From visionary filmmaker Spike Lee comes the incredible true story of an American hero. It’s the early 1970s, and Ron Stallworth (John David Washington) is the first African-American detective to serve in the Colorado Springs Police Department. Determined to make a name for himself, Stallworth bravely sets out on a dangerous mission: infiltrate and expose the Ku Klux Klan.
BLACKkKLANSMAN - Official Trailer [HD]
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"Not a bad film"
Overall I enjoyed the movie for what it was meant to be - the story of a Black cop who managed to not only infiltrate the Ku Klux Klan (pardon me… the “organization”) as well as become close to the Grand Wizard, David Duke. The movie is funny enough with a few laughs here and there, but this movie is not the kind of movie you watch for humor. It is a “Spike Lee joint” after all and is more about the message than it is about how much the audience laughs at the few jokes that are there.
"The plot & humor are this movie’s strong suits, but pacing is not"
B-. Ok, on one hand when I listen to this movie’s overt monologues I think of other films (Blindspotting, Get Out, Django Unchained, Training Day, etc.) that tackle the race issue with more nuance and with characters that are human beings and not mouth pieces, but on the other I think Spike Lee may be an acquired taste for me. If you like Spike Lee’s other films I’m sure you’ll like this one. If you’ve never seen his movies before, this is as good a place to start as any (I think, I’ve only seen two of his movies).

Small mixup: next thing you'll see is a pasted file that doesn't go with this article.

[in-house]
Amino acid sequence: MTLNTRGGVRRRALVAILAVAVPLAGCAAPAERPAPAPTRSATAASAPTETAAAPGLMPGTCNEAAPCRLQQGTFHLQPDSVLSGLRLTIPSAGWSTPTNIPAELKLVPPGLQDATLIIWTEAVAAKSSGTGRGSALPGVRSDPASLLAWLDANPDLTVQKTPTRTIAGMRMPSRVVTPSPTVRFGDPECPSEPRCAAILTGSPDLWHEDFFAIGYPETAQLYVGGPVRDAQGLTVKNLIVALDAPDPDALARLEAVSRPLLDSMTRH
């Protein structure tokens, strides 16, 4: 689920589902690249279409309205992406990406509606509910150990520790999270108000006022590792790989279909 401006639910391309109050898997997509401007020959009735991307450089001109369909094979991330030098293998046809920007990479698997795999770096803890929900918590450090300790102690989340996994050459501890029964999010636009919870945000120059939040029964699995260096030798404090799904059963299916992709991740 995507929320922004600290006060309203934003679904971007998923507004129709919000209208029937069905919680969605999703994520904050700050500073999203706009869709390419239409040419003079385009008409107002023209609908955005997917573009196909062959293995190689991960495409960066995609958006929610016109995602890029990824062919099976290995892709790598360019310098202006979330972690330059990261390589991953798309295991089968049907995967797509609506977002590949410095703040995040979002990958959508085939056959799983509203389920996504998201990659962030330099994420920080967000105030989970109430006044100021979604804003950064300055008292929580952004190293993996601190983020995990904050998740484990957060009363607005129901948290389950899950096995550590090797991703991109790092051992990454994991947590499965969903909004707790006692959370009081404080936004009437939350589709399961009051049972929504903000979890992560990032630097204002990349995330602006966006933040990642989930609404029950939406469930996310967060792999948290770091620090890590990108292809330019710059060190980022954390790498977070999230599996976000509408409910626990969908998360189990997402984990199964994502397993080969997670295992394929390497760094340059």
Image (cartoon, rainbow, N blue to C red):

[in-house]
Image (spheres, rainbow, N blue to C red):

"BlacKkKlansman is horrifically relevant,"
but in a very rare and good way, and its achievement in storytelling makes it one of the best films of this year. To say the film’s relevance to today’s political climate is what makes “BlacKkKlansman” great would be a disservice to Spike Lee’s brilliant filmmaking, as well as Ron Stallworth’s terrifyingly true story about infiltrating his local KKK chapter.
"Possibly my favorite movie of the year"
This film shines a light on a world that many people have forgotten. The stunning performances and directing place you right in the heart of the battle for civil rights in small-town America. By far, the most potent cinematic tool of the movie was the creative editing. I usually look for quality but was blown away by how it was cut together. Spike Lee knocked it out of the park with this film, and I will be surprised if it doesn't receive multiple Oscar nods. Most importantly, I have to recommend this film to everyone just for the power of the political message. This movie is a good reminder of where we have come from, and what progress we can do.
"Important, but very sloppy"
This movie has all the right messages, but it delivers them in a form that is less a movie and more a sermon.
"This movie is like a pick-up truck: it takes a little to get going but once it has momentum, nothing can stop it"
I need to see more of Spike Lee's filmography, especially if his other movies are in the same vein as BlacKkKlansman. The movie is powerfully acted and stings with its social commentary. The first thirty or so minutes were a little slow, but once the plot picked up, there was almost no looking back. The chemistry between Jordan David Washington and Adam Driver is worth the price of admission alone.